Questions and Answers - Web Tier

   
 

 

Guidelines, Patterns, and code for end-to-end Java applications.



Questions and Answers - Web Tier
  1.  
  2. What kind of code should pages created with JavaServer Pages technology (JSP pages) contain ?
  3.  
  4. When should I use JSP-style comments instead of HTML-style comments?
  5.  
  6. How can servlets be made more easily distributable?
  7.  
  8. My JSP page does not reload when I change it. What's going on?
  9.  
  10. Can JSP pages process forms?
  11.  
  12. How do I use international character sets?
  13.  
  14. When should I use a JSP <%@include@%> directive, and when should I use a <jsp:include> action?
  15.  

1.   What kind of code should pages created with JavaServer Pages technology (JSP pages) contain ?

 

 

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  • Separation of form and function. JSP pages that contain substantial Java code are usually tangles of layout tags (form) and program logic (function). Such files are are difficult to read and still more difficult to maintain. Changes to program logic corrupt the presentation; and worse, changes in presentation often impact program logic, causing new bugs. Separating logic from presentation allows the two to vary relatively independently.
  • Separation of developer skill sets and activities. JSP pages are a convenient place to divide work between programmers (who focus on system services) and web page designers (who function on layout, page flow, and so on). Web page designers understand how to use tags to create web pages, and usually are less skilled at programming. Java code in a JSP page can make the page tags difficult for a page designer to understand, particularly if it contains a great deal of "if-then-else" logic. Likewise, programmers need to focus on what the system does, without the distraction of presentation tags scattered throughout the code. Placing program logic in custom tags allows programmers to focus on system functionality, and web page designers to focus on content presentation. This separation also enhances maintainability, since programmers will maintain custom tag source code, and designers will maintain the JSP pages. Developers and designers can work more independently, since they will be working with separate source files.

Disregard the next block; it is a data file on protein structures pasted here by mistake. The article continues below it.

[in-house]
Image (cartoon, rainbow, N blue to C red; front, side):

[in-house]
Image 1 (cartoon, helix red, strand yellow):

• Code reusability. Java code embedded in a JSP page is basically non-reusable. While it is possible to reuse JSP pages with server-side file inclusion or template mechanisms, such reuse is pretty much an all-or-nothing proposition: to get the functionality, you have to take the presentation along with it. But custom tags can be reused in any JSP page, while stylesheets can present the content produced by the tag in any way that the page designer sees fit.
  • Clarified system design. System design clarity may be the greatest, yet least quantifiable, benefit of separating separating code and layout in a JSP page. The presence of a rule that Java code may not be placed in a JSP page forces system architects and graphic designers to think out what service the a given page is meant to offer. It's easy to fall into the trap of thinking in terms of writing Java code that "produces web pages" (The history of servlets, and CGIs before them, only intensify that assumption.) Avoiding Java code in JSP pages helps the architect remember that the purpose of the code is primarily system functionality -- not "producing pages".

Using custom tags, web applications can (and should) be created in terms of JSP pages with no Java code. Custom tags receive as inputs both the attribute values of the tags, and the contents of the tag body. The custom tag code can use these inputs to create content of arbitrary structure and complexity from any data source.